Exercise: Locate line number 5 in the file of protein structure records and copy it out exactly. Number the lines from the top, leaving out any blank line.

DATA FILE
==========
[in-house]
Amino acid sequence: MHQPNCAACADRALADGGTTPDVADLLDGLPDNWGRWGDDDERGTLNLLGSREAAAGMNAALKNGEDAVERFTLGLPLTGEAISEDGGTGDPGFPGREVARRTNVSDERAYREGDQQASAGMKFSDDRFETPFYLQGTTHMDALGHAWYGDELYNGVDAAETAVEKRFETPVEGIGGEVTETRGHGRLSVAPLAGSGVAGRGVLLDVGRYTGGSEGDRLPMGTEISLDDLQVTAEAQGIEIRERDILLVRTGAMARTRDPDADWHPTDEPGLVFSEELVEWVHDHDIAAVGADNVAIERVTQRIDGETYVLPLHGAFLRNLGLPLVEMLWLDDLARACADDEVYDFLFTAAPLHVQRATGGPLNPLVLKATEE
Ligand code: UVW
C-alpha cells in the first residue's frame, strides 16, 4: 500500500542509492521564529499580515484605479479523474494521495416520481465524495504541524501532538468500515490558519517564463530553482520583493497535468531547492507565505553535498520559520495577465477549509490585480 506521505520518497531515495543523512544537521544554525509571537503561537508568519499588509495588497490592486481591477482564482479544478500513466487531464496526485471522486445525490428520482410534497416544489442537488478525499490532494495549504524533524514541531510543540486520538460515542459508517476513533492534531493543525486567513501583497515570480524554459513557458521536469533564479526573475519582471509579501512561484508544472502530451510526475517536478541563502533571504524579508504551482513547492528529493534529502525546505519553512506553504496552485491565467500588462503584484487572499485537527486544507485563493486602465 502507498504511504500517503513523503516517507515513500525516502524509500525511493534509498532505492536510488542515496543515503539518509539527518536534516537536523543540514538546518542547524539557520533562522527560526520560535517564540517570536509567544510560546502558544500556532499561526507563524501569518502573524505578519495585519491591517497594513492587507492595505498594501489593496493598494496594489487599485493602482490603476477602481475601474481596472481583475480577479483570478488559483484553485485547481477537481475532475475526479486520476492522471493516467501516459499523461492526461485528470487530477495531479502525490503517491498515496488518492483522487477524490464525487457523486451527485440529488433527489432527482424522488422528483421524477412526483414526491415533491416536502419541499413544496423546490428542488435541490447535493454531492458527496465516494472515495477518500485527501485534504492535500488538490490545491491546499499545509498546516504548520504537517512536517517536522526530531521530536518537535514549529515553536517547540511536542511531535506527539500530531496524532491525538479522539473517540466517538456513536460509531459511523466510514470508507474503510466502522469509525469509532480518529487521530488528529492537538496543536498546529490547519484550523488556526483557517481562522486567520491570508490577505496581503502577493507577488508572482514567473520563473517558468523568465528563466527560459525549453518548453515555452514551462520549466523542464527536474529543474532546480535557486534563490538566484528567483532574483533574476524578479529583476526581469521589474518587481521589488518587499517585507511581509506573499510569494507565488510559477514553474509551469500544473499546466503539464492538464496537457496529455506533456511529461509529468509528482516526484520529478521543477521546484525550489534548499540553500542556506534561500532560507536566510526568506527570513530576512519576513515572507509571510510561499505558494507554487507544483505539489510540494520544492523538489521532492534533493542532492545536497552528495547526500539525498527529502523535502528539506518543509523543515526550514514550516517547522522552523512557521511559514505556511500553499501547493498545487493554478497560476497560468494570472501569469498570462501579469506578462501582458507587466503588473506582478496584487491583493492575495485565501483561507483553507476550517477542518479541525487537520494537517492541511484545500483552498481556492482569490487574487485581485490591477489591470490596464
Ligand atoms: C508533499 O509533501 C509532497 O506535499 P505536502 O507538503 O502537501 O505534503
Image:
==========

Ligand atoms: C508533499 O509533501 C509532497 O506535499 P505536502 O507538503 O502537501 O505534503